The Edmond Sun
A presentation by Freese Nichols consultants of Fort Worth was made Wednesday to city staff and local business leaders regarding the Downtown Master Plan.
The Central Edmond Urban Development Board has revisited plans made in a 1998 Downtown Master Plan. Wednesday’s meeting hosted by the Urban Board was one of a series of meetings made by the consultant group. The city hired the group to make recommendations to protect the future development of Broadway.
“You’ve got an anchor of Fifth Street where the Jazz Lab and some of that mixed use is,” said Wendy Shabay, an associate urban planner with Freese Nichols. “There are some residential opportunities to fill around that.” Residential focused development could serve as a bookend on Broadway and Fifth Street.
Some shared parking strategies could be developed in the downtown area of municipal government, she said. This could include building a parking lot over the Citizen’s Bank drive-through as well as at the parking lot for the First Methodist Church, she said.
Potential opportunities to bridge the University of Central Oklahoma to the Central Business District by developing mixed use residential living on the east side of the railroad tracks as well as west of Boulevard.
“One of the keys to this is in order to pull this off, you’ve got to think about parking in another way,” Shabay said. “You can’t take blocks of surface parking for one use and be able to have success in what everybody needs to do.”
The Central Business District area goes from Danforth to Ninth Street, to slightly west of the railroad tracks and then borders the University of Central Oklahoma and then to Ninth Street and Boulevard. This study will be limited in scope from Danforth to Fifth Street. The idea could be repeated one block north of Campbell just east of the railroad tracks, she said.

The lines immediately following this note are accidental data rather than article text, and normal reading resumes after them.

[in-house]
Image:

“Then you really start to have a bigger development block and abandon that part of Campbell,” she said. “What’s nice about that is you have Old North to anchor at the other end of Campbell.”
Long-term plans for transit have been identified for locating transit east of the railroad tracks and a few blocks north of West Edmond Road.
The Regional Transit Dialogue Steering Committee has identified three rail corridors that could link to the $120 million modern street car system being constructed with an intermodal hub in downtown Oklahoma City. RTD calls for the hub to link Edmond, Norman, Midwest City and Tinker Air Force Base.
Commercial in-fill with transit parking to also be able to utilize the Downtown Festival Market would provide connectivity for pedestrians. Retail frontage south of Edmond Road would work well with residential frontage behind it, she said.
“One of the things we heard is UCO may be looking for a performing arts center,” Shabay said. “One of the things we certainly heard from all the downtown users is we need some entertainment to bring more people into the downtown area.”
She said constructing a performing arts center on Broadway near Fifth Street would be an iconic investment for the city. Another parking garage would help pull in the retail off of Fifth Street.
The use of placing circles on key intersections was also discussed.
Private investment and the use of private/public partnerships was given as a way to fund the projects. Developer Pete Reeser suggested that the city of Edmond should follow the lead of Oklahoma City with something similar to a MAPS plan.
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